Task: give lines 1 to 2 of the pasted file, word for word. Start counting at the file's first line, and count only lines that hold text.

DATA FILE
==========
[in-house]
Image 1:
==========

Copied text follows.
[in-house]
Image 1: